Principal’s lasting legacy remembered

Madrasah tul Madina principal Sheikh Abdurahman May, 55, died at Groote Schuur Hospital on Friday January 3.

Madrasah tul Madina principal Sheikh Abdurahman May, 55, lived his legacy of setting up a school and empowering madrasah teachers to enthrall pupils with the knowledge of Islam.

Sheikh May, from Morgen’s Village, died at Groote Schuur Hospital on Friday January 3 after being in hospital for more than two months. He was diagnosed with cancer in November last year.

His wife Mualima Fairouz May spoke about her husband and his legacy.

Madrasah tul Madina is a hafith (memorisation of the Qur’an) week-day school and a weekend madrasah based at 99 Korfbal Street in Beacon Valley.

Sheik May is survived by his wife and their five children, Mogammad Solaaguddeen, 19, Qudsiyyah, 18, Azaam Ghazalie, 16, Abdul-Hameed, 13, and Huthayfa, 8.

“He raised our children to take care of the madrasah when he is not here. They are young but are capable and excited to carry on,” she said.

Mualima May said this is because they have this belief and follow the teaching of Prophet Muhammed – that pious children, who continue to make duah (prayer) for their deceased parents, and who give charity on behalf of them or teach in the path of Allah – is a gift that lives forever.

Sheikh May was born in Claremont but raised in Bo-Kaap and Hanover Park after his family was displaced following the apartheid government’s implementation of its Group Areas Act.

He was inspired by a teacher while at Mountview High School, who explained the deen (way of life for Muslims) to him.

This also inspired him to become a teacher and make a difference in the lives of youth.

“He believed that school teachers can make that difference in the lives of their students,” said Mualima May.

He studied in Pakistan for six years and completed various courses, including commerce, media, education, Cape Muslim history, Islamic studies and Qur’an recitation across Cape Town.

Sheikh May’s father was friends with Mualima May’s parents and the couple was introduced in September 1991 and two months later they married.

“I was attracted to his intelligence. When we got married, we lived in Strandfontein, then we moved to Lentegeur, New Lentegeur and settled in Morgen’s Village in 2010,” she said.

Mualima May said her husband had lived his legacy.

He started the Lentegeur Youth Movement in 1992, with halaqat (teaching circles) which were held at his parents-in-law’s house in Madeliefie Road, Lentegeur.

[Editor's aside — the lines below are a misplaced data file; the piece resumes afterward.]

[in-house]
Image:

Both him and his wife taught at Salaamudeen Mosque, in New Lentegeur, for 15 years. They would have award ceremonies and goals, to which students would work towards, whether it was memorising a chapter or reading the Qur’an from cover to cover.

“Each tamat had to be different. There had to be an improvement and each time he would set the bar a bit higher,” she said.

In 1995, Sheikh May’s in-laws sent him on hajj, pilgrimage to Mecca because it was his heart’s desire.

She recalled that it was during this time that he had penned a letter to her, in which he expressed his desire to start a union for madrasah teachers or to do something for madrasah teachers.

Creative Madrasah Solutions was an idea he had and had worked hard to achieve.

“That only took place now,” she said. After years of canvassing and struggling, with me at his side. He had to explain his ideas and lobby for funding with businesses and organisations to understand his vision.”

Mualima May said between 2005 and 2009 they had an Islamic clothing and book store in Promenade mini mall, where parents sent their children to come and recite after school.

“He was a very approachable person and people would stop to speak to him when we were out, and ask him questions of deen,” she said.

In 2011 Sheikh May started weekend classes for high school pupils at Al Masjiduth Thanie, in Rocklands, but the classes outgrew the premises. Sheikh May then lobbied for a businessman to buy the Beacon Valley premises in 2014.

Mualima May said the youth were his biggest worry.

“He said they are lost and that parents were spending more money and put more emphasis on secular education and worldly stuff than their children’s relationship and belief in Allah,” she said.

“He always made it exciting for the learners. We had to build up the child’s confidence and involve them in various programmes, speech writing competitions, poetry readings, eisteddfods, protests and discussions, to which they could relate.”

Their first challenges to the youth included memorising short chapters in the Qur’an, reading it from cover to cover and memorising their first juz (a collection of chapters).

The May couple went everywhere together, including business meetings and meeting politicians to secure funding or support.

Mualima May said her husband encouraged others.

“He was a motivator, go-getter and always inspired one to do your best. He made you feel like you know everything and everyone is important,” she said.

Mualima May said for her and their children, while life would never be the same without him, “My children are ready to fall in their father’s footsteps.”

“I would like to say shukran to everyone, who came to visit him in hospital and came to the house to pay their respects,” she said.

Shukran for the support you have shown to me and our children,” she said.

Last year the madrasah also hosted its second career expo and its third annual madrasah teachers conference.

In 2015, together with Muslim Youth Forum, they hosted a five-day “Youth Agents of Social Change” programme with the support of the Western Cape Government’s Department of Community Safety’s Youth Safety and Religion Partnership (YSRP) programme in Beacon Valley.

Mayor Dan Plato, then the MEC for Community Safety, visited the programme.